Do a search, for “retire,” on just about any search engine with the suggestions function. And you’ll probably see something like “retire ready” or “retire age” or, the best one, “retire early.”
Yeah, if you’re gonna do it, retire early.
I mean, why work any longer than you have to, right? Work is just for those knuckleheads who don’t have a clue about how to make enough money. And let’s face it, if work was a good thing, there wouldn’t be so many people in America avoiding it. Can I get an “Amen?”
Just in case you hear a dripping noise in the background, don’t worry. It’s just the gentle, steady flow of my sarcasm.
Because I’m not a fan of this whole retire early thing. Or retire at all, for that matter. Retirement is for when your body quits and retires back to the ground from whence it came.
Side note: I like to use the word whence because it reminds me of one of those old (there aren’t any new) episodes of the Jack Benny show. And instead of me trying to explain it, watch this video. I think it’s still hilarious after all these years:
If you can’t see the video automatically, copy and paste this link: https://youtu.be/jU7M604Vck8
So funny. Mr. Benny had to explain his use of the word “whence” every time he played his song. And that reminded me of my days in creative writing classes in high school and college.
I remember how teachers told us how reading could “transport you” to just about any place you wanna go. Because stories can create word pictures. And even those two words joined together created word pictures in my head. So, I was hooked on words, on reading.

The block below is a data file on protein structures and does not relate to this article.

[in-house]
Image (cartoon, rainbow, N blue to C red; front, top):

On transportation to new places, new faces, new worlds.
I became a voracious reader. First it was tales of imagination and young adventure. Huckleberry Finn. Tom Sawyer. Then it was sports. With stories of sailing ships and famous captains on the high seas. And then, science fiction. There was even a phase when I read just about every Alfred Hitchcock murder mystery book I could get my hands on. Go figure.
Some of my favorite reading was the prose and poetry of relative unknowns like William Shakespeare, Carl Sandburg, T.S. Eliot, and Rudyard Kipling.
As I graduated into the deeper words I also dived (yes dived) deep into the waters of my other lifelong love. Music.
Nothing ever felt as magical, to me, as words and music.
All the resonating tones of wind passing through the “voice box” and into my ears. No wonder it’s so often called a “gift from God.” And it’s always been my favorite gift.
It seems like yesterday, and a thousand years ago, when I started to find my way around a piano. And I’ll never forget the feeling when I first shaped words and music into original songs.
I was hooked. But it was work. Not driving a tractor or building a house kind go work. But mental work. Because I wanted to get the rhythm of the words in sync with the rhythm of the music. Not just toss out a mass of slightly rhyming words with a background beat (insert subliminal *rap*).
And I’ve worked on that words and music equation ever since. And I hope to be working on it my last day on earth. No retire early for me. Matter of fact, I hope to write and sing throughout eternity.
Give me words…give me courage…
Give me time and a powerful voice.
And when many still may hate me,
Give me Your love and I’ll always rejoice.
(lyrics from one of my songs)
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